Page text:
Clinton Ind chose a vastly different route in practicing law compared to his wife: he is a solo attorney turned in-house counsel, while she has worked at a large, international firm. However, how they found their paths, he explains, is the same: self-awareness and asking yourself ‘what’s your greatest attribute as a lawyer.’

Key moments:

  • Large vs. mid vs. solo – finding your niche and support network (3:25)
  • Moving from solo to in-house counsel (11:42)
  • Fair billing; it’s not about billable hour versus fixed fee (17:57)
  • What Clinton Ind wants to see changed in law (32:53)


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“It's interesting because the law is the same. The scale is obviously different, but the law is always the same…. [My wife and I] are self-aware enough to know our personalities; her personality works for a firm like that, [a large firm], and mine never did.”

“You’re always learning something new [while practicing law], and that can be intimidating…You can overcome the intimidation of trying new things by creating a network of attorneys that you can speak with and associate with.”

“I've taken issue with opposing counsel who probably do things that don't necessarily need to be done…. One of my biggest pitches to prospective clients was always ‘I'm going to keep your business objectives in mind,' and we don't necessarily need to write this 30-page brief to get the point across.”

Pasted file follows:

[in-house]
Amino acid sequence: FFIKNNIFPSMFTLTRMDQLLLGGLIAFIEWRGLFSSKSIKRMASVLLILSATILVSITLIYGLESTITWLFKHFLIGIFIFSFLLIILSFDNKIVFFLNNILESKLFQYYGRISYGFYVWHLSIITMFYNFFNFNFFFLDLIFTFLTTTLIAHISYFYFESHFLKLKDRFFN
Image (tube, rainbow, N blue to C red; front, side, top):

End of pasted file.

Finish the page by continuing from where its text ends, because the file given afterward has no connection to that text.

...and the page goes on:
Richard Gurak


Clinton recently has recently transitioned his practice from a commercial litigator with his own law firm, to in-house counsel with a growing distribution business at Quantum Polymers.  His new role is oriented around managing risk as the company expands while assisting with the business strategy and growth.

Quantum Polymers:



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"The 1958 Lawyer and his 1938 Dollar" still defines the business of law...
It's time for a change.

If you’re a lawyer, you’re familiar with the ABA article “The 1958 Lawyer and his 1938 Dollar” which gives our podcast its title, and its inspiration. That article was the start of the billable hour for law firms...And the last major change to the business of law, 70+ years ago now. Well, it’s past time for another change.  

This podcast is all about bucking the status quo of the business of law. Your hosts Ron Bockstahler and Kirsten Mayfield run Amata Law Office Suites, providing law firms an alternative to the traditional fixed-cost business model that places unwanted stress on attorneys to work long hours that often-times lead to burn out, broken relationships and in many cases substance abuse. Each week they’ll discuss alternatives to the 12 hours days, endless rotation of clerks and paralegals, and the expensive offices leased to impress clients who rarely show up in person anymore. They’ll interview successful lawyers who are doing law differently, and finding a work-life balance while still running a successful firm.  

Do you want to find a better way to run your law firm? It’s time for the next big change in the business of law, and you’ll get it here on The 1958 Lawyer.

Categories: The 1958 Lawyer | Podcast
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